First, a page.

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News Macon County obtains school calendar waiver

 

Classes start three weeks earlier to end first semester before Christmas

At a meeting of the state board of education last Thursday, a calendar waiver for Macon County Schools was approved that integrates two, week-long periods for catch-up or enrichment of students in various subjects. The alternative calendar for the 2011/12 school year, which was approved by the county school board at a February meeting, begins classes on Aug. 4, three weeks earlier than last year's calendar and the Aug. 25 start date proscribed by North Carolina law.

Schools superintendent Dr. Dan Brigman says there are numerous benefits to the approved calendar in addition to the two “intercession” periods for intervention and enrichment. Now, the first semester will be completed before the Christmas break, avoiding a first semester testing schedule that can potentially go as late as February. The school year will end on May 24, before Memorial Day and more than two weeks prior to last year’s originally scheduled end date.

The calendar will also become synchronized with dual-enrollment and college-level courses that the county is required to offer to high school students. This will be a benefit both to students enrolled in Macon Early College and others taking dual-enrollment courses at Southwestern Community College.

Finally, Brigman says that the new calendar should be appreciated by student athletes who will no longer be starting practice two to three weeks before the start of the academic year. “It should foster a smoother opening for the athletic sponsors and be more conducive to full participation,” Brigman said.

“As far as community interest and school involvement in our fall sports, I think it will be a benefit,” says Coach Jay Brooks who heads the Athletic Department at Franklin High School. The fall sports season begins August 1, and for many years soccer, volleyball, cross-country, tennis, golf and football have all begun their game schedules weeks before other students arrive for classes and while many families are still on vacation.

“I think that it will be a positive thing for us,” said Brooks, though he acknowledged that this year’s summer vacation will be shortened because of the change. “Any time that there’s change and decisions made, not everyone is going to agree with it,” he added.

The shortened summer was one of the concerns sited at the February meeting of the board of education. Coach Bob Kuppers, who also sits on the county’s board of commissioners, was one individual who spoke at the meeting, asking the board to consider postponing implementation of the calendar until 2012/13, in part to give teachers and parents time to prepare for the change in summer schedule. Kuppers also questioned the schedule of the intercession periods.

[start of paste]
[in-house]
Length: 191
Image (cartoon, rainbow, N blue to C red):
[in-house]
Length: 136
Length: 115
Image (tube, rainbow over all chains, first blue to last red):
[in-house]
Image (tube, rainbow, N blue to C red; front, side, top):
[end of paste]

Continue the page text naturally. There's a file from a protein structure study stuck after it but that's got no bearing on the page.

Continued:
“It should foster a smoother opening for the athletic sponsors and be more conducive to full participation.” —Macon School Superintendent Dan Brigman

The academic intercession periods, which are scheduled in weeklong blocks in the middle of the first and second semester, are designed to give more academic support to students struggling in core subjects while at the same time offering opportunities for other students to participate in enrichment programs. Kuppers and others suggested that pushing the intercession closer to the end of the semester or breaking it up into two blocks.

Due to an impending deadline for submission of the waiver request, the board had decided in a 3-2 vote to go ahead with the application for the alternative calendar which had been the preferred choice of the calendar committee made up of representatives from each school in the district. The calendar was also supported by the superintendent's Parents Advisory Council.

“A big thanks to each school calendar representative for attending multiple meetings and presenting information to their school,” said Pat Davis said on Friday. Davis, the director of Testing and Accountability for the district, facilitated the calendar selection process.

The length of the school year (190 days) will not change with the new calendar (180 instructional days are mandated by the state). It will, however, give the district more flexibility to deal with snow make-up days in the second semester. On the other hand, a tight first semester schedule with few possible make-up days in the month before Christmas was another concern of some who asked the board to reconsider the calendar.

School districts around the state have been lobbying state legislators to return school calendars to local control after the state mandated starting and ending dates in 2004. Currently a number of bills are circulating the General Assembly which would do just that, but none have made it out of committee as of yet.

Brigman noted that in the event that such a bill did pass in this session, the district may revisit the calendar for adjustments and fine-tuning. “I think it would be very appropriate if the legislation was passed to revisit [the calendar], and the board would be asked to provide feedback to any amendments or adjustments to the existing calendar which they already approved,” he said.





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